What are the most lucrative industries for Australians making the move over?

Definitely oil and gas and the mining sector. That's where you get a lot of the Australian engineers, a lot of the mining experts who tend to come through here to do their business.

You started at NAB in Australia before moving on to the World Bank. What were the biggest differences you experienced going between those two organisations?

I think it's development more than anything. NAB is obviously a private sector entity, just straightforward, very profit orientated. It's much more decentralised in terms of decision-making. In IFC, because it's a multilateral organisation owned by all the governments of the world it is quite public in some of its policies. So in terms of getting decisions made and moving things forward, you'll always need to get consensus, you always need to get so many different approvals.

Do you partake in a lot of social impact initiatives at the World Bank, or is it that's just more the overarching goal that you're all working towards?

In any project I do, I get measured on an economic objective, in the sense of how much profit can I make, but I'm also measured on the social impact of the project. If we lend to a hospital, for example, I will be measured on how many more people are going to get access to healthcare because our funds have been used to build the new wing of that hospital.

If we're going to fund a renewable energy project, for example, we have to make sure that the project is viable. We're not a grant-making organisation so that project has to be able to pay us back. We need to know how many greenhouse gas emissions it's going to save, how many people are going to get access to that electricity and how that has an overarching impact on those communities. The added bonus is that it's clean so then we're also saving the environment. We'd document, measure and track all these sorts of metrics throughout the life of a project, whereas at NAB, for example, a lot of these metrics would be nice to have but don't need to be measured. All I need to measure is that that renewable energy project is paying me back on time and at the rate I required it to pay me back at.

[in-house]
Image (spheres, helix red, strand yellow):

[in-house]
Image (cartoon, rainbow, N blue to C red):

Do you think there are any misconceptions about living in Jakarta or Indonesia as a society?

I think there are; Indonesia is a Muslim majority country and so that immediately shapes the way some people see it. Jakarta especially is very moderate, in terms of what people wear, the empowerment of women, the ability to walk around in the street without having to worry about anything happening to you etc, it's very safe. In that sort of sense, I think there is definitely a misconception about what Indonesians are like in general. A lot of the people are probably going to be less exposed than your average Australian, but the locals have done remarkable things and really created a lot of everlasting impact in Indonesia. There are projects and businesses that would be viable in any first world country in terms of innovation, research and design.

Do you have any recommendations for Australians visiting or thinking about moving over to Jakarta?

I think a lot of it you learn by doing. I've lived in a few different countries so I think an adaptive personality is always very useful. Work hard to build networks, and once you do that I think you end up in a nice little space. It's really important to engage in face to face interaction as opposed to just looking online.

For Jakarta specifically, I think a lot of it is patience. Traffic is an absolute nightmare, there is a language barrier, sometimes it can be pretty frustrating. Indonesians are lovely people, very polite and well-meaning, so I think it's just about embracing the differences.


AsiaAdvanceBorn Global, Jakarta